- The amount is enough to sustain 5.7 months of import compared to 5.8 months worth of import cover last week.
- The current account deficit narrowed to five per cent of GDP in the 12 months to June compared to 5.2 per cent of GDP in the 12 months to May.
The amount sent home by Kenyans abroad rose in June to $288.5 million (Sh31.1 billion) from $258.2 million (Sh27.8 billion) in May as most countries in the world eased coronavirus restrictions.
According to the weekly bulletin by the Central Bank of Kenya, the 12 per cent increase was driven by payments from the United States, Saudi Arabia and South Africa.
This was the second-highest monthly receivables in 24 months since June 2018 after a high of almost Sh300 billion July last year. Last month’s receivables are highest in value due to the strengthening dollar.
It closed Friday, the shilling closed at a new low of 108.13.
The cumulative inflows in the 12 months to June totaled $2.8 billion (Sh302.4 billion) compared to $2.77 billion (Sh291.6 billion) in the 12 months to June 2019, reflecting a growth of 1.5 per cent.
Data shows the remittances from the region, which includes Canada, the United States, and Mexico, rose by Sh2.5 billion or 19.6 per cent from Sh12.76 billion ($118.71 million) in April.
This saw North America deepen its share of total remittances to 56.5 percent of the Sh27.78 billion ($258.15 million) sent to Kenya in May.
The growth in remittances and receivables from the agricultural sector especially horticulture saw the country's balance of payment narrow by 20 basis points.
According to CBK, the current account deficit narrowed to five per cent of GDP in the 12 months to June compared to 5.2 per cent of GDP in the 12 months to May.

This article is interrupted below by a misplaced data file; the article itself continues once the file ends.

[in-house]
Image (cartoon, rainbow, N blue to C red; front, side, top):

''This reflected lower oil imports and improvement in exports of tea, horticulture as well as remittances,'' the apex bank said in a statement.
Despite an increase in diaspora inflows and export earnings, the usable foreign exchange reserves dropped by a whopping Sh248 billion as CBK fought to iron out exchange rate volatility that saw the shilling drop to an all-time low during the week under review.
This was the highest drop in the past two years.
The weekly data shows reserves dropped to $9.42 billion dollars (Sh1.01 trillion) in the week ended July 24 compared to $9.66 billion (Sh1.04 trillion) the previous week at the current exchange rate.
The amount is enough to sustain 5.7 months of import compared to 5.8 months worth of import cover last week.
''This meets the CBK’s statutory requirement to endeavor to maintain at least four months of import cover, and the EAC region’s convergence criteria of 4.5 months of import cover,'' CBK said.
The money market remained liquid, supported by government payments.
Commercial banks’ excess reserves stood at Sh28.2 billion in relation to the 4.25 per cent cash reserves requirement (CRR).
The average interbank rate was 2.32 percent on July 23 compared to 1.76 per cent on July 16.
The Treasury bills auction of July 23 received bids totaling Sh35.9 billion against an advertised amount of Sh24. billion, representing a performance of 149.6 percent.
The interest rate on the 91-day Treasury bill increased marginally while those of 182-day and 364-day Treasury bills decreased
The reopened 5-year, 10-year and 15-year Treasury bonds offered at the auction of July 22 received bids worth Sh181.8 billion against an advertised amount of Sh60 billion, representing a performance of 303.0 percent.
The interest rates on all the Treasury bonds decreased compared to previous issues of similar instruments.
Generally, the turnover of bonds traded in the domestic secondary market increased by 12.7 per cent during the week under review.